COVID-19 / Loss of smell: Recent study shows you how to understand it
The loss of the sense of smell that can accompany the coronavirus is unique and different from what is experienced by someone who simply has a cold or is affected by the common flu.
This is the conclusion reached by European researchers after analyzes based on infected patients.
In a recent article, published in BBC, it is said that when COVID-19 patients lose the ability to smell, they usually do not have a blocked nose. Most people with coronavirus can still breathe freely.
Another characteristic, which is already known as a symptom of the virus is the real loss of taste.
Patients with coronavirus who can not really taste anything and can not distinguish whether a food is sweet or bitter.
Experts suspect this is because the pandemic virus affects nerve cells directly involved in smelling and tasting.
The main symptoms of coronavirus are:
- high temperature
- new, persistent cough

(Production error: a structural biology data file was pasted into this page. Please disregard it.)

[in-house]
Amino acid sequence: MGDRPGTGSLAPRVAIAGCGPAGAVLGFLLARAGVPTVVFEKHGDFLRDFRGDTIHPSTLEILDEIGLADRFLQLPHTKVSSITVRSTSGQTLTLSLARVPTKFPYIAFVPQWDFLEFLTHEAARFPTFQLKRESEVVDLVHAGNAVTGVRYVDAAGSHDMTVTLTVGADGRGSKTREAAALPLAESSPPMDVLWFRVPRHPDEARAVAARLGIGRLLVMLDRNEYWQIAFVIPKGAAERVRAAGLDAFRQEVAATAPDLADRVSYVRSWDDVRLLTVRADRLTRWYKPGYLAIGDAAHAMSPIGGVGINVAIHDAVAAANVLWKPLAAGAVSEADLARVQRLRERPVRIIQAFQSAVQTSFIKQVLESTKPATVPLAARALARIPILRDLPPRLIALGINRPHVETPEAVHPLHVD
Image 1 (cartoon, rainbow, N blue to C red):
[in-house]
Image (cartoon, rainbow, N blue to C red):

- loss of smell or ability to taste
Anyone with these symptoms should be isolated and tested for the virus. Their family members should also be isolated to prevent possible spread.
Prof. Carl Philpott, from the University of East Anglia, conducted tests on the ability to smell and taste in 30 volunteers: 10 with Covid-19, 10 with severe colds and 10 others healthy, with no cold or flu symptoms.
Loss of smell was much greater in patients with COVID-19. They were less able to identify aromas and were unable to distinguish bitter or sweet tastes at all.
Prof. Philpott said: "This is very exciting because it means that aroma and taste tests can be used to differentiate between COVID-19 patients and people with a cold or flu."
He said people can test the smell and taste at home using products like coffee, garlic, oranges or lemons and sugar.
The ability to smell and taste returns within a few weeks to most people recovering from coronavirus, he added.